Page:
Another entry about the step of Application on Bible Study.
How do I make it active? I have a passage of scripture that I’ve studied; I know what it says and I know what it means. But application says “What does it mean to me?” How do I determine how I should live?
Someone summarized the step of application using an acrostic for PRECEPTS. I like this; it’s a good way to start and fairly easy to remember.
P romise to claim (If God has made a promise, I should take note of it and allow it to motivate me to deeper levels of devotion.)
R eason to praise (see my article on praise in every verse; hyperlink)
E xample to follow (what did someone do that I could use in my own life?)
C ommand to obey (“To obey is better than sacrifice…”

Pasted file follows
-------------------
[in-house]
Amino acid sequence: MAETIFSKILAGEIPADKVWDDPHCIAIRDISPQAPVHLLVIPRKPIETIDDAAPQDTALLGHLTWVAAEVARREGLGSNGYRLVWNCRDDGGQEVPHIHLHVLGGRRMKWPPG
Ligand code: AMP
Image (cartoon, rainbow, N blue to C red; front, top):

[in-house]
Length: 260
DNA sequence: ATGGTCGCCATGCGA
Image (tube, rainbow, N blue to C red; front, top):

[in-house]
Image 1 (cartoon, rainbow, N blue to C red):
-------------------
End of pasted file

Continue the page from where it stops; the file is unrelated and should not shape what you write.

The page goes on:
E rror to Avoid (the opposite of the example to follow)
P rayer to Pray (there are many elements of prayer in God’s Word; the way some Bible characters pray and the things that they pray for is great guidance for believers; some people use the prayers of the Bible to stimulate their own prayer life.)
T ruth to believe/Thanks to give (A believer should always be adding to knowledge; and there is always something to thank God for. Max Lucado asks, “What if the only things you have today are the things you thanked God for yesterday?” VERY motivational)
S in to confess (Good believers keep short accounts with their God. We are not perfect, but we do have access to a Savior who is forgiveness personified.)
And each of these should also be quantified by making the application
Specific – general activity is not easily verifiable; for example, having an application that states “I will pray for the missionaries” sounds OK, but wouldn’t it be better to pray for the specific needs of a specific missionary family? Making the application specific brings focus.
Measurable – a believer’s desire to pray for a specific missionary can easily be verified.